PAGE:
The peak of team building

The peak of team building

The team at Logistics Direct recently took a trip to the beautiful mountainous region of Amedzofe, in the Volta Region of Ghana. This team-building adventure provided a great opportunity to escape the daily routine and build a sense of unity among colleagues.

Where is Amedzofe?

Amedzofe is a stunning settlement in the mountainous region of the Volta Region. It is the highest point of human habitation in Ghana, with an altitude of 677m (2,221 ft) above sea level. It is also a hub of tourist attractions and home to a number of endangered plant and animal species.

Pete Gralla, General Manager of Logistics Direct, said the trip was “an unforgettable journey that allowed the team to reconnect with nature”.

The Logistics Direct team travelled to Amedzofe by bus, along meandering narrow roads, surrounded by towering peaks and breathtaking views. Along the way, they passed many interesting sights, including the Adomi Bridge (a steel arch suspension bridge that crosses the Volta River at Atimpoku) and the monkey sanctuary at Shai Hills.

It was a physically challenging trip and the team had to hike for about two kilometres through the lush forest to get to the information centre for the community. According to Pete, when you are in Amedzofe, you are either climbing or descending,
“While we walked, we could hear whistles, chirps, trills, and croaks of birds and other amphibians.”

The settlement at Amedzofe has been in existence since the 18th century and is inhabited by endangered species such as the unique Togo slippery frog. The community also boasts a canopy walk, Ote waterfall and the Gemi mountain.

Canopy Walkway and Waterfall

Unlike most canopy walkways, where you must climb up to access the walkway, the walkway in Amedzofe requires the opposite: you must descend hundreds of stairs into the belly of the mountain to access the walkway. Pete explains, “After descending 259 steps we finally came to the entrance. There was already a queue waiting to get onto the walkway. In no time it got to our turn, we had to go in batches of six in order not to put too much load on the structure. We were filled with excitement as we walked on the platform that hung between one mountain and another. Overlooking the canopy walkway is the breathtaking mountain cliff, and at the top is a wilderness of extraordinary tree species.”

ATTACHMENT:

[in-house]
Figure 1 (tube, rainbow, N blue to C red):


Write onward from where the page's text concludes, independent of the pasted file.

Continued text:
The walkway offers a fantastic view of the majestic Ote Waterfall. The water cascades down in numerous layers, providing an enthralling spectacle of pouring water and mist. “The walkway is designed in such a way that the breeze of the fall is felt before it drops down to the foot of the cliff, creating a sense of awe and an unforgettable experience,” said Pete.

“Everybody who walks on the canopy instinctively removes their phone to take memorable pictures at the point of the waterfall.” After much encouragement and support from colleagues, even those who were nervous about getting on the walkway made it across to the other side. The hurdle now was getting back to base. The team had to climb up another 259 steps to get to the top of the mountain and hike back about 2 kilometres to the community where the bus was parked.

The journey home gave the team a renewed appreciation for the wonders of nature. “This excursion was an unforgettable experience that left an indelible memory on each of us,” said Pete. “It also served as a reminder of the importance of taking breaks to appreciate nature and to nurture relationships.”